Training and Retaining Healthcare’s Next Generation: A Conversation with Salud Family Health

One of the core components of NIMAA’s mission is to provide, not only education, but employment opportunities, creating a pipeline of well-qualified medical assistants for community health centers who are from the very communities that they serve. One of NIMAA’s founding organizations, Salud Family Health, has helped us achieve this goal in northeast and southeast Colorado since our inception in 2016. Salud has supported 56 total graduates in completing the NIMAA program across 9 cohorts between 2016 and 2022.  
Salud’s Medical Training Manager and NIMAA Program Coordinator Jinnie Chieppo attributed the success of NIMAA students to several factors, including: 

  • Making sure potential students understand how much time they have to dedicate to the program  
  • Providing a very in-depth externship orientation that covers policies and student expectations 
  • Offering additional practice time to students when needed 
  • Choosing preceptors that are excited to work with students 
  • Providing preceptor stipends to account for the additional responsibility and encourage high-quality engagement with students 
  • Monthly preceptor meetings to discuss challenges and share advice 

According to Chieppo, when Salud hires MA graduates from other programs, they struggle to learn Salud’s Electronic Health Record system, run labs, and master basic medical assisting skills and processes at their clinics. “MA graduates from NIMAA are ready to hit the floor running the day they are hired, [whereas] medical assistants hired from other programs take about 60-90 days to get up to speed,” said Chieppo. “When you experience success and are a productive team member from the start, you are going to be more satisfied [with your job],” and that can lead to longevity with an employer.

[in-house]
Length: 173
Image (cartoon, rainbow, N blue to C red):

The below chart shows the hire and retention rate of the 56 NIMAA graduates at Salud since 2016. 

For Salud, there is more to the NIMAA partnership than just hiring well-trained medical assistants. “The big mission is to become an educating health care center,” Chieppo explains.  “Salud wants to help train the next [generation] of healthcare workers to support the variety of needs that patients in their communities have,” even if they are taking those skills and lessons to other employers in the area.  Salud hopes to give all students of various training levels, from nurse practitioners to physician assistants to medical assistants, an opportunity to see what a community health center is, how they benefit the community, and how to help those underserved. By providing learning opportunities in community health centers, Salud is giving students and residents “personal experience and a pathway to becoming a community leader and helper in a healthcare facility.”